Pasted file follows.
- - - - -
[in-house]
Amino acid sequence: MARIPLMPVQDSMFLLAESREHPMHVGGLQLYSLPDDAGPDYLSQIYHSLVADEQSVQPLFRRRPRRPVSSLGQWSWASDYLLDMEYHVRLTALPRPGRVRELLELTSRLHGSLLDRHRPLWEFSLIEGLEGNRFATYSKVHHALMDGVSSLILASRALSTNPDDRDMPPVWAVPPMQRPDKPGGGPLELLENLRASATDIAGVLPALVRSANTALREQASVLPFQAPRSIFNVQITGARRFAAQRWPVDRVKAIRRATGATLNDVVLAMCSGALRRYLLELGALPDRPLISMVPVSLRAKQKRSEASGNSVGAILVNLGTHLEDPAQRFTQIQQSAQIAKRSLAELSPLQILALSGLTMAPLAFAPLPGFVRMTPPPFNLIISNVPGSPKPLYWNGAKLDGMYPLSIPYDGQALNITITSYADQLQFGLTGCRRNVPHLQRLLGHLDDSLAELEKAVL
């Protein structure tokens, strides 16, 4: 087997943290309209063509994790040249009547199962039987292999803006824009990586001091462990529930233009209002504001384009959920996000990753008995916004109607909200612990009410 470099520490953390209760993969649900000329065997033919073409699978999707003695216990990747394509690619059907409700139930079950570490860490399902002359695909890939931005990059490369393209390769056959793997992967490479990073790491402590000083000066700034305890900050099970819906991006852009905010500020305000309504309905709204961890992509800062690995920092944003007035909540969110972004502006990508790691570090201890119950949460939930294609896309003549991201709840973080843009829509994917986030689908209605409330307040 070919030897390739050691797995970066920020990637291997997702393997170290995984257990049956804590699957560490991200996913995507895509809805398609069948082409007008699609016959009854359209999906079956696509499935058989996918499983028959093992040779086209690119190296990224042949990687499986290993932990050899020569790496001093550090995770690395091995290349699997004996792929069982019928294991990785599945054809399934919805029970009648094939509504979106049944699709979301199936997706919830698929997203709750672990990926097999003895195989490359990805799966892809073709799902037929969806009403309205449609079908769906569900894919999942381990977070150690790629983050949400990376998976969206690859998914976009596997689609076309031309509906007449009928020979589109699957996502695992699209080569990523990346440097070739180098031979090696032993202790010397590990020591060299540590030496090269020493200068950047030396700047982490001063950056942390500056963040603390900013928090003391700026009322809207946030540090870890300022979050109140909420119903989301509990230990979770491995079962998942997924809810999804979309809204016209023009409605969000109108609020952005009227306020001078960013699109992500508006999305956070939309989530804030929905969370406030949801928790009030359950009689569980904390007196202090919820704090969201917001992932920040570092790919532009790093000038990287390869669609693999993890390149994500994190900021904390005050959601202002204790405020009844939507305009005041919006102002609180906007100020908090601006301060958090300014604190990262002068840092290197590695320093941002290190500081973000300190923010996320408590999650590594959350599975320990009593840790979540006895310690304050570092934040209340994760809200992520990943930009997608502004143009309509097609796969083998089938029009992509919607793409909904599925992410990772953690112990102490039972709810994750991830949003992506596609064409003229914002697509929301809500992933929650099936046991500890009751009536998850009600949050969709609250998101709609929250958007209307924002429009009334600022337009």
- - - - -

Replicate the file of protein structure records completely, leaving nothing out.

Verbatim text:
[in-house]
Amino acid sequence: MARIPLMPVQDSMFLLAESREHPMHVGGLQLYSLPDDAGPDYLSQIYHSLVADEQSVQPLFRRRPRRPVSSLGQWSWASDYLLDMEYHVRLTALPRPGRVRELLELTSRLHGSLLDRHRPLWEFSLIEGLEGNRFATYSKVHHALMDGVSSLILASRALSTNPDDRDMPPVWAVPPMQRPDKPGGGPLELLENLRASATDIAGVLPALVRSANTALREQASVLPFQAPRSIFNVQITGARRFAAQRWPVDRVKAIRRATGATLNDVVLAMCSGALRRYLLELGALPDRPLISMVPVSLRAKQKRSEASGNSVGAILVNLGTHLEDPAQRFTQIQQSAQIAKRSLAELSPLQILALSGLTMAPLAFAPLPGFVRMTPPPFNLIISNVPGSPKPLYWNGAKLDGMYPLSIPYDGQALNITITSYADQLQFGLTGCRRNVPHLQRLLGHLDDSLAELEKAVL
């Protein structure tokens, strides 16, 4: 087997943290309209063509994790040249009547199962039987292999803006824009990586001091462990529930233009209002504001384009959920996000990753008995916004109607909200612990009410 470099520490953390209760993969649900000329065997033919073409699978999707003695216990990747394509690619059907409700139930079950570490860490399902002359695909890939931005990059490369393209390769056959793997992967490479990073790491402590000083000066700034305890900050099970819906991006852009905010500020305000309504309905709204961890992509800062690995920092944003007035909540969110972004502006990508790691570090201890119950949460939930294609896309003549991201709840973080843009829509994917986030689908209605409330307040 070919030897390739050691797995970066920020990637291997997702393997170290995984257990049956804590699957560490991200996913995507895509809805398609069948082409007008699609016959009854359209999906079956696509499935058989996918499983028959093992040779086209690119190296990224042949990687499986290993932990050899020569790496001093550090995770690395091995290349699997004996792929069982019928294991990785599945054809399934919805029970009648094939509504979106049944699709979301199936997706919830698929997203709750672990990926097999003895195989490359990805799966892809073709799902037929969806009403309205449609079908769906569900894919999942381990977070150690790629983050949400990376998976969206690859998914976009596997689609076309031309509906007449009928020979589109699957996502695992699209080569990523990346440097070739180098031979090696032993202790010397590990020591060299540590030496090269020493200068950047030396700047982490001063950056942390500056963040603390900013928090003391700026009322809207946030540090870890300022979050109140909420119903989301509990230990979770491995079962998942997924809810999804979309809204016209023009409605969000109108609020952005009227306020001078960013699109992500508006999305956070939309989530804030929905969370406030949801928790009030359950009689569980904390007196202090919820704090969201917001992932920040570092790919532009790093000038990287390869669609693999993890390149994500994190900021904390005050959601202002204790405020009844939507305009005041919006102002609180906007100020908090601006301060958090300014604190990262002068840092290197590695320093941002290190500081973000300190923010996320408590999650590594959350599975320990009593840790979540006895310690304050570092934040209340994760809200992520990943930009997608502004143009309509097609796969083998089938029009992509919607793409909904599925992410990772953690112990102490039972709810994750991830949003992506596609064409003229914002697509929301809500992933929650099936046991500890009751009536998850009600949050969709609250998101709609929250958007209307924002429009009334600022337009």